EHRLICH: Employers are worried about this new militant tendency in the union movement. They say unions must cooperate with employers and the government in order for Argentina to remain competitive in the global economy. If unions are too strong and wages too high, it discourages investment, says Daniel Funes De Rioja, a labor attorney representing major Argentine corporations.

Daniel Funes De Rioja: The question of employment, the question of growing, the question of giving Argentina the chance, the possibility to improve their productivity, their capacity to compete at a global level, is much more important than to try to solve this dispute with a strike, because with a strike you don’t obtain any good result.

EHRLICH: Labor leader Julio Piumato says arguments about global competition are a smoke screen.

PIUMATO: [via a translator] Those arguments about competitiveness are a distraction to take away attention from their policies of attacking workers. It’s not a question of becoming more competitive; salaries are a very small part of the overall cost of production. In public services, like electricity, natural gas, etc., the cost of investment is very high. Labor accounts for only 10 percent of the cost of building a car; 75 percent is the cost of materials and financing. This statistic is the same for any industry you want. If the government doesn’t change its policies then we will have more general strikes. We’ll continue to struggle for change. We are fighting for our dignity. We don’t know when the government will start a dialogue.

EHRLICH: In response to labor unrest, the government has promised to create public works projects and provide welfare benefits for the unemployed. But as long as the current recession continues unemployment is likely to stay high.

[sounds of the public address system at the bus station]

EHRLICH: Back at the Retiro bus station passengers scurry to get on buses. A bus idles while passengers get on board. Although bus drivers make far better wages than many Argentine workers, they are among the strongest supporters of the militant CGT union federation. Bus driver Oscar Bernar.

OSCAR BERNAR: [via a translator] I participated in the June 9th national strike because of the whole situation in this country, with low salaries and high unemployment. Yes, we make good money compared to others. It is one of the better salaries. But when we went on strike it was not just for ourselves. I personally lost money by striking. But we did it to lower unemployment and stop attacks on other workers. I’d do it again if necessary.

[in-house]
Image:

EHRLICH: If the views of this bus driver represent that of other workers then Argentina will continue to undergo labor unrest for many months to come. For Common Ground, I’m Reese Ehrlich, in Buenos Aires.

MCHUGH: Coming up, Argentina’s beef trade,

Felix Zumelzu: The US is pretty protectionist when it comes to agricultural products, basically. That’s, and of course you’re a very large agricultural producer. But you shouldn’t be afraid of low-cost producers such as us. To, and allow us to compete.

PORTER: Argentina has long been one of the world’s major beef exporters. Because Argentine cattle eat grass in natural pastures, without being fed growth hormones or other chemicals, cattleman there say they produce a healthier and more environmentally friendly meat. Yet US consumers see almost no Argentine beef on supermarket shelves. Common Ground‘s special correspondent Reese Ehrlich traveled to Buenos Aires to find out why.

[sound of people at a restaurant]

EHRLICH: Argentines take their meat very seriously.

[sound of people at a restaurant]

EHRLICH: The waiter at this local restaurant explains that they have a full array of meat: grilled steak, sausages, sweat breads, and almost every other part of the steer. Argentines love the taste of their beef and get very serious about how the meat is cooked.

THIERRY GRODET: This is the main kitchen where we do all the meal for the mediteraneo.

EHRLICH: Thierry Grodet, Executive Chef at a major Buenos Aires restaurant, says his customers tend to favor enormous slabs of beef.

EHRLICH: When people order a beef here at the restaurant, what is the favorite for your customers?

THIERRY GRODET: For the favorite of the customers it is the tenderloin or the strip loin. I mean the strip loin, the New York strip.